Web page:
Europe's Hot Stocks Right Now

Stodgy. That's how I used to think of European stocks, what with Europe's aging population, constant labor issues, and historically anemic growth in gross domestic product. I used to prefer the higher-growth regions of Asia and South America.

But I've changed my opinion on European stocks in recent years. You may want to take a second look, too.

A breath of fresh air
A lot has changed in Europe over the past six years. The euro currency that hit the market in 2002 recently hit its strongest value versus the U.S. dollar. Former Soviet bloc countries such as Lithuania, Estonia, and Latvia joined the European Union in 2004, and pro-market leaders have been elected in Germany and France.

European stocks reflect that growth and change. The Vanguard European Stock Index Fund (VEURX), for instance, with top holdings in Nokia (NYSE: NOK  ) , Royal Bank of Scotland (NYSE: RBS  ) , and UBS (NYSE: UBS  ) , is up 180% since March 2003 -- thoroughly outpacing the U.S.-focused Vanguard 500 Index (VFINX), which has returned 68% from the same time.

Of the more than 94,000 investors participating in Motley Fool CAPS, the Fool's free investor-intelligence community, many have also noted the promise in Europe. Here are this month's top five European stocks, all with top five-star ratings from our CAPS participants:




iShares MSCI Sweden Index (EWD)



CGG Veritas (CGV)


Oil and Gas

National Grid (NGG)



iShares MSCI Switzerland Index (NYSE:EWL)



Aktieselskabet Dampskibsselskabet



Source: Motley Fool CAPS as of March 28.

Please bear in mind that these stocks are not formal recommendations. Instead, I offer them as jumping-off points for further research. And I'll also point out that researching five-star CAPS stocks such as these is an effective tool for investors.

What the Swiss miss
Unlike most regional exchange-traded funds out there, the top holdings of the iShares MSCI Switzerland ETF are probably familiar to American investors. In fact, common names such asNestle,Roche, and Novartis (NYSE: NVS  ) make up nearly half of the ETF's assets.

But although those recognizable names may bring comfort to some investors, it could also cause a problem for U.S. investors, since a significant portion of those companies' sales are domestic. Roche, for instance, gets 38% of its revenues from our shores. If you're looking for an ETF to diversify away from the U.S. economy, this one isn't it.

On the other hand, our CAPS investors are smitten with Nestle, Roche, and Novartis, each of which has either a four- or five-star rating. Back in October, CAPS player jpmgator06 was one of our Swiss bulls: "Love the large cap Swiss stocks. Nestle, UBS and Novartis are currently very attractive. Should see continued growth as Germany recovers and Eastern Europe continues its growth."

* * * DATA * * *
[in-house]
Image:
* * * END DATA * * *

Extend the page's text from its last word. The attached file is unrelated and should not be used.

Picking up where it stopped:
Another bullish reason for the ETF is its geographic diversity. Even though some of its top holdings derive significant revenues from North America, its smaller components help to pick up the slack. In fact, this diversity has helped the fund get through the global market downturn of the past six months -- it has lost only about 3% of its value, versus 13% for SPDRs (AMEX: SPY  ) and approximately 10% for iShares EAFE Index (NYSE: EFA  ) .

NetscribeETF is bearish on this fund but still admitted last March that its diverse geographical footprint had helped carry it through good times and bad: "[H]as a sizable investment in Pharma sector, which is largely influenced by the international sector while the investment in the insurance and other financial services sector was swayed by the domestic events."

NetscribeETF is currently the only bear for the ETF on CAPS -- 57 of 58 investors who have rated the Swiss ETF think it will outperform the S&P 500 going forward.

Investors should understand, however, that Switzerland is not a member of the European Union, and its recent election results, for better or for worse, show no indication that it will join anytime soon. The far-right party, SVP, which won 29% of the parliament seats, has a platform of no E.U. entry and is thoroughly xenophobic. The chances that skilled immigrants will come into Switzerland to boost growth are therefore quite unlikely in the near future.

What do you think? Will Switzerland continue to trot along in an uncertain global market? Make your voice heard about this ETF -- or any stock or ETF, for that matter -- on Motley Fool CAPS.

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